Martha Beck is one of my favorite people. She is a life coach and author. She offers some very sound advice. In our stressed-out world, we can all use a little redirecting. Many of the bad decisions we make in life are due to not heeding our own wisdom, or internal "compass". Marrying the wrong person, getting into the wrong vocation, pushing ourselves too hard, not covering our bases like sleep and exercise, and not facing life head on, can make for a miserable existence. I am paraphrasing her advice:

  • Do more of what makes you feel good, and less of what makes you feel bad. (healthy diet & exercise anyone?)
  • Tell the truth (to yourself especially)
  • Take a nap (we all could use a little more rest)
  • Unhook from dysfunctional people (news flash, we can't change anyone, regardless of their "potential")
  • Tackle overwhelming tasks in small bites, "baby steps". Cut the baby steps into baby steps if needed, until you do not feel overwhelmed, but rather, "I can do this".

These five brilliant bits of advice can be applied to weight loss, relationships, jobs, projects, where we live, and how we function in the world. What is one suggestion YOU can start applying to your life right now, keeping your numbered days in mind?

Beck, Martha, Five pieces of advice that everyone ignores (but shouldn't!), O Magazine, October 2012, p. 61-64

Where's the beef?

Is it possible to eat beef, but not eat beef? Well, the new company, "Impossible Foods", may have made that a reality. They have developed a "beef" burger patty, that is not related to any 4-legged critters. Rather, it is derived from a variety of plant-based ingredients, including potatoes, beets and soy, with various vitamins and minerals. The ingredient subbing for heme found in red meat, which gives meat it's characteristic bloody flavor, is a genetically engineered soy version of this, called leghemoglobin. The folks at Impossible Foods have partnered with Burger King and are offering their burger mimic in the St. Louis area. They developed this because their CEO wanted to give folks an alternative to beef that tastes like the real McCoy, but without the environmental stressors that accompany raising beef cattle. Die-hard burger-eaters can't tell the difference apparently, and the burger even "bleeds". The nutritional profile: 240 calories per patty, 8 grams of saturated fat, (compared to 13 grams found in a regular 4-ounce beef burger), and 370 milligrams of sodium. Fiber content was 3 grams. However, the thiamine content (vitamin B1) was over 2000% of the Daily Value! Environmental groups are up-in-arms about the leghemoglobin. They want it to be more thoroughly researched before offering it to consumers. I have mixed feelings about all this, and would like to know why the thiamine is sky high. Good for this company for creating a meat-alternative that is much more environmentally-friendly. It is a super-processed food that needs to be eaten with restraint. If it makes it to our area I will likely try one. This is the wave of the future my friends, with more designer foods coming down the pike with less environmental impact in mind, ready or not.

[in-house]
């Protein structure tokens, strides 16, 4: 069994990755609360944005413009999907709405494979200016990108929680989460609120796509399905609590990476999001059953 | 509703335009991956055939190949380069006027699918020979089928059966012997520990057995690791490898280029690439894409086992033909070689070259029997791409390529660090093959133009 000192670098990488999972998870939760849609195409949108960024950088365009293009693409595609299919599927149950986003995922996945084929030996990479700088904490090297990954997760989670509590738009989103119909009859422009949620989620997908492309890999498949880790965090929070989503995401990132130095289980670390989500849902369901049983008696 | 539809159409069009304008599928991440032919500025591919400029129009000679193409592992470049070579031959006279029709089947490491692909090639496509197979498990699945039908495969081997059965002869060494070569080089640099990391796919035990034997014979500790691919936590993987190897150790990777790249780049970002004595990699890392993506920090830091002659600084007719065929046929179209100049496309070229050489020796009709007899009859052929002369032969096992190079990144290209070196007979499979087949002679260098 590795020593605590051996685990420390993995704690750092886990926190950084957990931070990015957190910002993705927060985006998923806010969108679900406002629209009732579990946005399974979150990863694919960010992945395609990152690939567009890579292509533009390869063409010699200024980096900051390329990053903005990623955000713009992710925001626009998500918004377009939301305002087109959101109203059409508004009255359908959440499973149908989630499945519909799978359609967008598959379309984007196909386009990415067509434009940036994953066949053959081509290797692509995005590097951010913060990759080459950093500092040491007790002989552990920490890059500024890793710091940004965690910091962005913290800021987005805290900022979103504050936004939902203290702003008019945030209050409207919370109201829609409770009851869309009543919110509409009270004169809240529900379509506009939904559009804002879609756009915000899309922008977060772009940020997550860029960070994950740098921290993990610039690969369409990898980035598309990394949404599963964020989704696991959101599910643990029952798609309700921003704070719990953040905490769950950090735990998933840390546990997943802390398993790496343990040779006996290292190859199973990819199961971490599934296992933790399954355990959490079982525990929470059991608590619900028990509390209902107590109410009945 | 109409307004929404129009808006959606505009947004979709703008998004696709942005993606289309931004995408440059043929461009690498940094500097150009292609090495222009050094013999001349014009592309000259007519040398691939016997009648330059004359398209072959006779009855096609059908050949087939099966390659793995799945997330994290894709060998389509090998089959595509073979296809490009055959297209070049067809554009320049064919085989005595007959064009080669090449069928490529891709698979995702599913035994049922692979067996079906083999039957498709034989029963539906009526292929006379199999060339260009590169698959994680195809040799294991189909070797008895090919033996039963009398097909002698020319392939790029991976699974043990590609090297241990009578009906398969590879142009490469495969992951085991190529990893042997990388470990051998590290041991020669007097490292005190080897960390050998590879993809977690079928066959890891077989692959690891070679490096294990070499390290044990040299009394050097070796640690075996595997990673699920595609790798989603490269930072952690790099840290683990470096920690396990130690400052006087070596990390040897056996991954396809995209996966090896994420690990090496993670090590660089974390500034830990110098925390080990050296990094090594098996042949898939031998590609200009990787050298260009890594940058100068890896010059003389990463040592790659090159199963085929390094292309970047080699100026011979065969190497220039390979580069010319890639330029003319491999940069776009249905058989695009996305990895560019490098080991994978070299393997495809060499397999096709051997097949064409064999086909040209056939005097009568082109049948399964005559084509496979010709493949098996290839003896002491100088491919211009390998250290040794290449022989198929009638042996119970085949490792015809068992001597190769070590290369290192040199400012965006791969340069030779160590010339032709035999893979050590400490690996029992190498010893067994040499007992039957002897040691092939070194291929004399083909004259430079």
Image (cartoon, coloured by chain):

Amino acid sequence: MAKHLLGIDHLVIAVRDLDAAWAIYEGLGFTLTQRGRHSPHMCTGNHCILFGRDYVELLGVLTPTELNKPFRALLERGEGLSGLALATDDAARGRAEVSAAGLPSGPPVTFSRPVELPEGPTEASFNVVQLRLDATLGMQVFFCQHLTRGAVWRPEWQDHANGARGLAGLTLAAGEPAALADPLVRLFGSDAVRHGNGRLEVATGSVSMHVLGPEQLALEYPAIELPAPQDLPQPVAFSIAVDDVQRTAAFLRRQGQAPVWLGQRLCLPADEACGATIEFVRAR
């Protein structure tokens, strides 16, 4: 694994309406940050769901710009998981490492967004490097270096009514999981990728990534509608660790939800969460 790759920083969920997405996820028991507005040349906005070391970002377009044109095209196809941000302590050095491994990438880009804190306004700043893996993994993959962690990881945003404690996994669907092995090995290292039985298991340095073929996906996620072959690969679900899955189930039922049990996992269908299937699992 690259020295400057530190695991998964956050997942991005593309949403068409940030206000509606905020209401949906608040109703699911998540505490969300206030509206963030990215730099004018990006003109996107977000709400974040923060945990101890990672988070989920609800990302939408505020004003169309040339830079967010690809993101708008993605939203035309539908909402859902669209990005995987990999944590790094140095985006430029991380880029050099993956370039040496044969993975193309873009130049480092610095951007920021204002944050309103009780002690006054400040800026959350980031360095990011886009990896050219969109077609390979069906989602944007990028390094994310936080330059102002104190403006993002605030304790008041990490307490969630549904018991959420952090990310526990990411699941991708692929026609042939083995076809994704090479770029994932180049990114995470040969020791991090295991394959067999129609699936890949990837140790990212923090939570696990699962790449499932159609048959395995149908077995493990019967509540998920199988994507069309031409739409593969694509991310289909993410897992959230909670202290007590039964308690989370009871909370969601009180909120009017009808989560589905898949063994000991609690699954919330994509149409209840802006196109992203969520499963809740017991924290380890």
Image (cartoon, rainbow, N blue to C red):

References

Why environmentalists want Impossible Burger's meatless patties to be pulled off menus
Behold the Beefless �??Impossible Whopper�??

Very veggie pizza

You can vary the toppings as you wish, even leaving off the cheese completely. A quick, healthy meal for dinner.

1 Mama Mary's whole wheat pizza crust
Tomato sauce
Italian seasoning
Grated low-fat mozzarella cheese
Chopped vegetables (mini-bell peppers, mushrooms, asparagus, onions, broccoli, etc.)
Anchovies?

Preheat oven to 450 degrees.
Place the crust on a round baking stone, or large round pan. Brush crust with olive oil. Add tomato sauce to thinly cover the crust. Sprinkle with Italian seasoning, grated black pepper, whatever. Sprinkle with a thin layer of mozzarella cheese. Dot with the chopped vegetables and sprinkle with a little grated Parmesan.

Turn oven down to 425 degrees, place pizza on center rack of oven. Bake until the cheese melts and the crust turns a golden brown, roughly 12 minutes.
Let cool a bit, enjoy!

¼ of a pizza crust = 150 calories
Toppings will vary

May support groups

Mondays, 2-3 pm
We will not meet May 27th, Memorial Day observed
Tuesdays, 4:30-5:30 pm
We will not meet May 7th
Heart Center Conference Room
Free to all LILI graduates

That it will never come again is what makes life so sweet.
Emily Bronte